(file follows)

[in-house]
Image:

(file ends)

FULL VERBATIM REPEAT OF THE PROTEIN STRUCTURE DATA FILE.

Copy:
[in-house]
Image: